25 – The Life of Calvin by Theodore Beza — Excellent! Also includes a biography of Beza himself. The two friends went through extraordinary times together and their courage is admirable. 

26 – Paedofaith by Rich Lusk — Phenomenal work. HIGHLY recommend. 

27 – The Boniface Option by Andrew Isker — A helpful critique of Trashworld and what we can do to fight back. 

28 – Discerning Truth by Jason Lisle — Excellent introduction to logical fallacies. 

29 – Baptized Patriarchalism by Gary North — Second time through. It’s a devastating critique of Rushdoony’s descent into an abysmal ecclesiology. It’s really a must read type of book. 

30 – New Days, Old Demons by Mark Driscoll — Excellent analysis of the Ahab/Jezebel spirit, a scene all too familiar in churches. Mark helps sift through the progressive-woke nonsense and shows the authority of Scripture over the charade. I was quite surprised, though his eschatology needs some help.

31 – For Reformational Thinking by Joe Boot & Ezra Press — Great introduction to Reformational Philosophy as it intersects with culture, theology, etc.

32 – The Church and Social Problems by Louis Berkhof — A balanced primer on the Church’s responsibilities to and in the world. 

33 – The Sound Doctrine of Theocracy by Luke Saint — Here. 

34 – Creational Worldview by P. Andrew Sandlin — Pretty good introduction to the Creation/Fall/Redemption paradigm. 

35 – Blessed are the Hungry by Peter J. Leithart — These “Meditations on the Lord’s Supper” (the subtitle) are really thought-provoking. But don’t make the mistake of merely rationalizing your learning experience. Leithart does a great job helping us worship God with beauty and thanksgiving. 

36 – The Liturgy Trap by James B. Jordan — Excellent resource on the problems of worship in the Roman, Orthodox, and Anglo-Catholic traditions. 

37 – Why Children Matter by Douglas Wilson — 4/5 stars. Lots of helpful illustrations and practical outworking of biblical principles. 

38 – The Federal Vision edited by Steve Wilkins & Duane Garner — Extremely thought provoking. Critics have overblown the issue. Jordan’s essay is 🔥.

39 – The Surprising Genius of Jesus by Peter J. Williams — Decent book. The title over-sells the content. He does a great job explaining some of Jesus’s teachings (and their Old Testament foundations), but it wasn’t what I expected based on the title.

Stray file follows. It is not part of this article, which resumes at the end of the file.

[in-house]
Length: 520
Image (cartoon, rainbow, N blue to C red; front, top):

40 – Thomas Aquinas and the Neo-Thomist Tradition by Bernie Van Der Walt — A noteworthy analysis of Thomism’s inherent flaws and how Reformational Philosophy is much more consistent. 

41 – Handbook for Praying Scripture by William Varner — A tremendous resource featured the Legacy Standard Bible. Read this through 4 times this year. Patiently waiting for a leather-bound/goatskin version.

42 – The Puritans Day-By-Day by H. J. Horn — Daily treasures from various Puritan writers. The quotes are wonderful. 

43 – The Heidelberg Diary by Willem J. Ouweneel — A devotional walk through the catechism with a lot of insightful comments. 

44 – Drawing Near to the Heart of God by Mark & Donna Kelderman — One of the best devotional books I’ve seen; a superb compilation from the Puritans.  

44 – Reforming Marriage by Douglas Wilson — Outstanding. Read it twice this year.  

45 – The Valley of Vision: A Collection of Puritan Prayers & Devotions edited by Arthur Bennett — Read it through three times this year. An amazing resource that everyone should be using on the regular. 

46 – Reformed Worship by Jonty Rhodes — Good introduction; doesn’t go into a lot of detail. His conclusion on paedocommunion is wrong. With that caveat I’d still recommend it as a quick introduction to the topic. 

47 – The Legacy Standard Bible — Did my Read-the-Bible-in-a-Year this year utilizing the LSB. I love this translation.

Goals for 2024 (Lord Willing!):

Read all of Herman Bavinck’s Reformed Dogmatics. (I’ll be using my new Deluxe edition.)

Read all of Herman Dooyeweerd’s A New Critique of Theoretical Thought. (All four volumes.)